Born and Raised
Posted on March 1, 2018
Chef Jason McLeod’s menu may offer culinary throwbacks such as Steak Diane, Duck à l’Orange, and Lobster Thermidor, but don’t mistake Little Italy’s Born and Raised for an old-fashioned steakhouse. Built as a stunning homage to a carnivore’s circa-1960s white-linen lair, with elaborate woodwork, leather, brass, and crystal expertly intermingled by interior design all-star Paul Basile, the restaurant looks the part but purposely chips away at its own façade.
The wait staff is decked out in various shades of formal wear with matching black Chuck Taylor Converse sneakers. Same for the bartenders, clad in white tuxedo jackets that give way to hipster shorts and whimsical socks spied when they venture from behind their luxurious marble stations to serve Martinis and Manhattans tableside. It’s a house of odd juxtapositions, but beneath its quirky aesthetic contradictions is a top-quality restaurant exhibiting finesse, knowledge, and care for its food and guests.
Upon entry, guests are greeted with the wafting aroma of smoldering coals from the open kitchen. That same smoky scent works its way into robust, dry-aged steaks, matured and butchered on-site in a room visible from the downstairs dining room. They are the stars of the show, and can be customized with a variety of supporting cast members including butter-poached crab claws or lobster and classic steakhouse sauces such as hollandaise, peppercorn, and bordelaise. Other standards include a prime rib with Yorkshire pudding, tournedos of beef anointed with foie gras, truffles and Madeira wine sauce, and a chateaubriand for two served tableside.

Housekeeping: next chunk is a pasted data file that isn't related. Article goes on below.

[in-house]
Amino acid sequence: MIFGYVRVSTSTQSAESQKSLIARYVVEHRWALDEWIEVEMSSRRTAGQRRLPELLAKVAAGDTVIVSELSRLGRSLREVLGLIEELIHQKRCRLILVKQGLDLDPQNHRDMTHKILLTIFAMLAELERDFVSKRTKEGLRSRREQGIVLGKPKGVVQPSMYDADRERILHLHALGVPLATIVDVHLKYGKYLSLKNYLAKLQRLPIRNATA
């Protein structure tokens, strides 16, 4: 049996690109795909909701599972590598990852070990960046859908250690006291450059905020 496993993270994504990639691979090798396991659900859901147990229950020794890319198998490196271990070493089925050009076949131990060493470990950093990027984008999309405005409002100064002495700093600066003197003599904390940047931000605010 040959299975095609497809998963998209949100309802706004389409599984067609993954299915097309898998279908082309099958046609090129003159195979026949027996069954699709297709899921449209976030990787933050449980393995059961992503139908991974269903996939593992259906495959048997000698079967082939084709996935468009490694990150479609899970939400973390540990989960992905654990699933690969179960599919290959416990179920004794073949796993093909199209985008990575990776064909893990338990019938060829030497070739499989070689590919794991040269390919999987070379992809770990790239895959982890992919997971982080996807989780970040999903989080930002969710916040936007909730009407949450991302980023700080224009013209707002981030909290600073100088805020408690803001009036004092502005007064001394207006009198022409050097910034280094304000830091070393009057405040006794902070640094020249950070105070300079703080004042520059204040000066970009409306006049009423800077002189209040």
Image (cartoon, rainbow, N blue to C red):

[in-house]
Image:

Lamb, pork, chicken, and locally-caught fish are cooked straightforward and matched with house condiments. Chef-driven creativity comes from an ever-changing “steakhouse salad,” seafood crudos, and the specials. An impressive example of the latter is a recently-offered appetizer applying Bananas Foster aspects to foie gras — hard-seared duck liver atop brioche with “bruleed” banana, foie mousse, and marshmallow fluff. It was a sweet, savory masterpiece.
Hearty, shareable side dishes are simpler, but equally delicious. Plump king trumpet mushrooms are brightened with lemon juice, and silken Robuchon-style potatoes appear to have the 50/50 tuber-to-butter ratio expected from this rarely served, indulgent treat. The caviar service further enhances an already decadent menu.
Throwback carts are wheeled about by personable staffers with a myriad of specialties prepared tableside including Caesar salads, French omelets, and steak tartare. Ingredients and culinary steps are thoroughly explained, adding panache and an element of entertainment. Carts are also utilized for displaying a range of hefty desserts. The showstopper is a towering, seven-layer carrot cake decorated with rosettes of thinly peeled carrots, a thin sheen of nuts, and a garnish of pineapple sauce. More muffin than cake, it’s a solid, spicy, semisweet way to end a meal.
While cart service is a plus, the dining room’s layout makes it difficult for both diners and cart-wielding waiters to navigate on a busy night. More elbow room, a separate bar, and a lovely view of India Street can be found on the second floor, where tables are more widely spaced, the food is just as tasty, and the bartenders still sport shorts and their Converse kicks. 619.202.4577, bornandraisedsteak.com Brandon Hernández
Photography by Vincent Knakal